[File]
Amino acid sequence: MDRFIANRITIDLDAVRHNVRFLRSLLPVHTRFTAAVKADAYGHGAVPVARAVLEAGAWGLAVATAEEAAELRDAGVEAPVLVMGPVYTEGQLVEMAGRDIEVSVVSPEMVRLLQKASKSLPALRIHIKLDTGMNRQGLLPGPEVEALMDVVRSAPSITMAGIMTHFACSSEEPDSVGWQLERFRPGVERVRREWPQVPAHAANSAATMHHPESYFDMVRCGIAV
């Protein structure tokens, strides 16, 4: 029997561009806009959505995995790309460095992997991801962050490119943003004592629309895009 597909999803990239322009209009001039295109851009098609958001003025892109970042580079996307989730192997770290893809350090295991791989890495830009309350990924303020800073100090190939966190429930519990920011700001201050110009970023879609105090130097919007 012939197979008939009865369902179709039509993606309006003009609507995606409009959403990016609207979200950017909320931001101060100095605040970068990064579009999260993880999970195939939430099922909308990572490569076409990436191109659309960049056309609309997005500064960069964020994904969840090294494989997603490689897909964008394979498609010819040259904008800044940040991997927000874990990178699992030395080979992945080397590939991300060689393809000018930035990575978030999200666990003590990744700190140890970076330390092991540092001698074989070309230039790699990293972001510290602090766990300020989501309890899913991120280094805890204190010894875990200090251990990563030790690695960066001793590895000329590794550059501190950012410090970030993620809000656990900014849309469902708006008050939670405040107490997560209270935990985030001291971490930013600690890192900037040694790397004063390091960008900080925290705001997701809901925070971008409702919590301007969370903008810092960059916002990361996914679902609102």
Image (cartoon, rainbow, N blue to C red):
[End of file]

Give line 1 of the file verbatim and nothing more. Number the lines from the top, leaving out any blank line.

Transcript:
Amino acid sequence: MDRFIANRITIDLDAVRHNVRFLRSLLPVHTRFTAAVKADAYGHGAVPVARAVLEAGAWGLAVATAEEAAELRDAGVEAPVLVMGPVYTEGQLVEMAGRDIEVSVVSPEMVRLLQKASKSLPALRIHIKLDTGMNRQGLLPGPEVEALMDVVRSAPSITMAGIMTHFACSSEEPDSVGWQLERFRPGVERVRREWPQVPAHAANSAATMHHPESYFDMVRCGIAV